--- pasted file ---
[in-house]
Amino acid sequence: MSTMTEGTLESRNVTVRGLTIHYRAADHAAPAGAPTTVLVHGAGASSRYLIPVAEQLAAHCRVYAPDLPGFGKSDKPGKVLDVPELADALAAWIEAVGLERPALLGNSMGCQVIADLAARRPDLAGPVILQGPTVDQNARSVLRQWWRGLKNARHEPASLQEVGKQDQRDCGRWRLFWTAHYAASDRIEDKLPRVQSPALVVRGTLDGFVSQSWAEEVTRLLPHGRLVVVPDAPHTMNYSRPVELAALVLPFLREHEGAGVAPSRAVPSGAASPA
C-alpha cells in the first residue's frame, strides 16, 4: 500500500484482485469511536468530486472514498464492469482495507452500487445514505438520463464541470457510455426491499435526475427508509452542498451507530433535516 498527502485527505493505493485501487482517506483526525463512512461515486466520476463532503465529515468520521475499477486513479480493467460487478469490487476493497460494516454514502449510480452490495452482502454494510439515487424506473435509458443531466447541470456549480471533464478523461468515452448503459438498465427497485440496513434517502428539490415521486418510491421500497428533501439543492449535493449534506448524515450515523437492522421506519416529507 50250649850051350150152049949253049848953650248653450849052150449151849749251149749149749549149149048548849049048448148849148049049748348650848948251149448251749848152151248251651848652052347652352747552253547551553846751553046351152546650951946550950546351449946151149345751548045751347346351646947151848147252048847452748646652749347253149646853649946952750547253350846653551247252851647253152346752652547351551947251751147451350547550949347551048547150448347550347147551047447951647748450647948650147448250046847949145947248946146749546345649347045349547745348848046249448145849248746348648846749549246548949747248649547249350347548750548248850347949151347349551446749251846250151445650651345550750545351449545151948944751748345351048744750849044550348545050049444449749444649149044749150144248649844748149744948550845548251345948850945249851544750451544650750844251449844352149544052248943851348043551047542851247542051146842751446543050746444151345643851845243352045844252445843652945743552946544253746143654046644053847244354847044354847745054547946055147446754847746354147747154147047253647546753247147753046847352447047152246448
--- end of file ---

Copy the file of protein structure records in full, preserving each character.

[in-house]
Amino acid sequence: MSTMTEGTLESRNVTVRGLTIHYRAADHAAPAGAPTTVLVHGAGASSRYLIPVAEQLAAHCRVYAPDLPGFGKSDKPGKVLDVPELADALAAWIEAVGLERPALLGNSMGCQVIADLAARRPDLAGPVILQGPTVDQNARSVLRQWWRGLKNARHEPASLQEVGKQDQRDCGRWRLFWTAHYAASDRIEDKLPRVQSPALVVRGTLDGFVSQSWAEEVTRLLPHGRLVVVPDAPHTMNYSRPVELAALVLPFLREHEGAGVAPSRAVPSGAASPA
C-alpha cells in the first residue's frame, strides 16, 4: 500500500484482485469511536468530486472514498464492469482495507452500487445514505438520463464541470457510455426491499435526475427508509452542498451507530433535516 498527502485527505493505493485501487482517506483526525463512512461515486466520476463532503465529515468520521475499477486513479480493467460487478469490487476493497460494516454514502449510480452490495452482502454494510439515487424506473435509458443531466447541470456549480471533464478523461468515452448503459438498465427497485440496513434517502428539490415521486418510491421500497428533501439543492449535493449534506448524515450515523437492522421506519416529507 50250649850051350150152049949253049848953650248653450849052150449151849749251149749149749549149149048548849049048448148849148049049748348650848948251149448251749848152151248251651848652052347652352747552253547551553846751553046351152546650951946550950546351449946151149345751548045751347346351646947151848147252048847452748646652749347253149646853649946952750547253350846653551247252851647253152346752652547351551947251751147451350547550949347551048547150448347550347147551047447951647748450647948650147448250046847949145947248946146749546345649347045349547745348848046249448145849248746348648846749549246548949747248649547249350347548750548248850347949151347349551446749251846250151445650651345550750545351449545151948944751748345351048744750849044550348545050049444449749444649149044749150144248649844748149744948550845548251345948850945249851544750451544650750844251449844352149544052248943851348043551047542851247542051146842751446543050746444151345643851845243352045844252445843652945743552946544253746143654046644053847244354847044354847745054547946055147446754847746354147747154147047253647546753247147753046847352447047152246448